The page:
Learning Through Observation

At one time in our lives, possibly quite a long time ago, we were all infants. We all started out that way. Even before we became consciously aware of our five senses we began observing and learning. Webster’s Dictionary lists “notice” as a synonym for the verb “observe”. Indeed observing and learning are almost synonymous as well. And not all observation is done through our eyes as we can notice new things with each of our senses. We learn as we taste, feel, smell, hear and see the world around us, but almost all sighted creatures rely most heavily on what we observe with our eyes. And it was my eyesight that I relied on last Tuesday.

April Fool’s day is often full of surprises. I began the morning with a nice, albeit somewhat anticipated, surprise. Just before 9 AM I was parked along Eastwood Lake observing the aerie 1/2 mile away. As I watched the silhouetted tree, Cindy flew into the nest to watch over the eaglet(s) and Jim soon departed.

Jim departs the aerie.

Jim departs the aerie.

Now I have been watching them long enough to know that when a parent is relieved from brooding duties they often enjoy a short period of flying and wing-stretching before returning to the well field. A few minutes later as I was standing in the gusty winds meeting with a MetroParks ranger regarding a lake-usage issue, I noticed Jim flying west along the far side of lake.

Heading west in the distance.

Heading west in the distance.

By the time our brief meeting had ended, Jim had left the park and was now beyond the high-tension towers west of the lake, heading towards downtown Dayton.

Natural beauty beyond the manmade ugliness.

Natural beauty beyond the manmade ugliness.

Previous observations had taught me that Jim was patrolling his domain. As he was heading west along the lake he wasn’t circling over the water looking for fish nor was he paying any real attention to the flock of 40 or so American Coots near the lake’s southern shore. He was searching the trees as he flew, looking for any wandering eagles that may have paused in his territory. Previous observations had also taught me that he would soon return. When there are young eaglets in the nest, the adults seldom venture very far from home and are rarely gone for very long. So I sat and I waited. After about 10 minutes I observed him flying just beyond those power lines and returning to the lake.

Coming home again.

Coming home again.

Now that he was more content with the status of the security of his domain and less intent on getting somewhere, he made a few slow circles high above the lake. Another lesson that I have learned from previous observations is that Jim was most likely a bit hungry and sometimes that means that he may fish the eastern-most end of the lake before returning home. As I headed east to try to position myself along his projected flight path, the gusting winds pushed my car along. Just as I parked and started to open my car door I looked up and found that Jim too had allowed the tailwind to move him along. He was now just overhead. I shot the following images through the open window trying unsuccessfully to steady the lens in the high winds. Although the bright sunlight reflecting off his white feathers was more than my unfiltered lens could handle and the camera was obviously vibrating in the wind and therefore blurring the images, the moment was thrilling. (If you have ever enjoyed the experience of watching an eagle soaring in the sunlight, then you know how the white flash of reflected light can momentarily serve as a beacon in locating the bird high in a blue sky.)   After one low circle he apparently saw nothing in the water and headed back to the well field.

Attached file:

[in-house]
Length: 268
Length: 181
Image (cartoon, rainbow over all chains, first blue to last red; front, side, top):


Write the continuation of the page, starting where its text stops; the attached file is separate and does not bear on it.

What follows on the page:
Searching the waters.

Searching the waters.

Mastering the wind.

Mastering the wind.

Simply thrilling.

Simply thrilling.

Observation leads to learning. I observed much that day. It was interesting to see how rapidly Jim could fly into the strong headwind and masterfully take advantage of a tailwind. His wingtips and tail moved constantly while his head barely bobbled at all. But maybe I wasn’t the only one making observations on that blustery April’s Fools Day. Maybe the joke was really on me. Maybe Jim was busy observing how he could make that silly man in the gray car zip from one end of the lake to the other. Maybe, just maybe, we were both learning through observation.

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Published in: on April 4, 2014 at 6:02 pm  Comments (8)  

8 CommentsLeave a comment

  1. Always enjoy reading and seeing the pictures of Jim & Cindy.

    Thanks for taking the time & sharing.

    Tracy Crabtree

  2. Oh Jim……another fine blog about our resident eagles. And how fortunate you are to be able to observe their comings and goings. And we’re even more fortunate to be able to see and hear about them through your pics and writings! Fortunate indeed! Love all of it! Till next time……God bless and happy eagle watching!

  3. The pictures of Jim are beautiful!!! He is so majestic and proud. With the blue sky as your back drop, I think he is posing for you!!!! The thrill you must get each time you see Jim or Cindy that close has to be breath taking!!! Thanks for all you do!!!! Polly.

  4. Thank you Tracy. There is so much yet to share.

  5. Thank you Opal. I am blessed beyond measure and I deserve none of it. At times His love just carries me away on eagle’s wings.

  6. Thank you again Polly. My heart soars to new heights with every encounter.

  7. I know exactly what you mean Jim! His love is AWESOME!

  8. Beyond measure Opal.


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